Cesarean Section - CS


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Cesarean Section - CS

  1. 1. Cesarean section Procedure Presented by :Jaber Manasia
  2. 2. Preoperative preparation for CS • Full blood count and haemoglobin • Cross match • Routine ultrasound before CS • Urinary catheter use at CS • Preoperative shaving
  3. 3. • All patients transferred to theatre must be in the left lateral position (to pre ve nt ‘ supine hypo te nsio n’ and fe tal distre ss) ; • Premedication with antacid is standard; • In the theatre or operating room must also be kept in the left lateral tilt position until after delivery; • Thromboprophylaxis should be given for all patients and prophylactic antibiotics should be given. 3
  4. 4. Anesthesia • A woman may be given spinal anesthesia for the procedure, or she may have a general anesthesia. • Spinal anesthesia is similar to an epidural, where a needle is inserted into the fluid that surrounds the spinal cord so that there is no sensation from the chest down.
  5. 5. Anesthesia • Some women may require general anaesthesia during the caesarean, & This is sometimes necessary when the baby must be delivered quickly
  6. 6. Surgical technique for cs
  7. 7. Abdominal-wall incision • The vertical incision should be performed in the midline extending form just below the umbilicus to a point approximately 2 cm above the symphysis • The transverse (pfannenstiel) incision should extend transversely for approximately 15cm at a point 2 cm above the symphysis
  8. 8. Vertical VS. Transverse Faster Slower More exposure Less exposure less attractive Cosmetically more attractive High possibility of dehiscence Low possibility of dehiscence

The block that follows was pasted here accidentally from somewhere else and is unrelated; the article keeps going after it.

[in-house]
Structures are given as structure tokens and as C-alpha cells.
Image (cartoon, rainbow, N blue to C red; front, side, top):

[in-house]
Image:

9. 9. Uterine incision Low transverse incision • This is the most common uterine incision • It has much less bleeding than the classical incision • It heals better, and less likely of dehiscence
  10. 10. Uterine incision Low transverse incision • It is very important to make the uterine incision large enough to allow delivery of the head and trunk of the fetus without tearing or cut the uterine arteries and veins that course through the lateral margins of the uterus.
  11. 11. Uterine incision Low transverse incision • If the placenta is encountered in the line of incision, it must be either detached or incised. When the placenta is incised, fetal hemorrhage may be severe; thus, delivery and cord clamping should be performed as soon as possible in such cases
  12. 12. Delivery of the Infant • In a cephalic presentation, a hand is slipped into the uterine cavity between the symphysis and fetal head, and the head is elevated gently with the fingers and palm through the incision, aided by modest transabdominal fundal pressure
  13. 13. Delivery of the Infant
  14. 14. Delivery of the Infant • To minimize fetal aspiration of amnionic fluid, nose and mouth are aspirated with a bulb syringe before the thorax is delivered. The shoulders then are delivered using gentle traction plus fundal pressure • The rest of the body readily follows.
  15. 15. Delivery of the Infant • After the shoulders are delivered, an intravenous infusion containing about two ampules or 20 units of oxytocin per liter of crystalloid is infused at 10 mL/min until the uterus contracts, after which the rate can be reduced.
  16. 16. Delivery of the Infant • After delivery of the baby the cord is clamped • the infant is given to the team member who will conduct resuscitative efforts as needed • The uterine incision is observed for any excessive bleeding sites.
  17. 17. Placental delivery • The placenta is then delivered unless it has already done so spontaneously. • Or by manual removal . • Fundal massage, begun as soon as the fetus is delivered.
  18. 18. Repair of the Uterus • The uterine incision is then closed with one or two layers of continuous 0 or number 1 absorbable suture
  19. 19. Uterine incision Classical (upper segment) incision • Rarely done nowadays • More bleeding • Worse healing, and more likely of dehiscence
  20. 20. Caesarean Hysterectomy Caesarean section and hysterectomy are sometimes performed at the same time, e.g. where there is uterine rupture, placenta accreta, uncontrollable postpartum haemorrhage, and in the cases of cervical malignant disease.
  21. 21. Thank you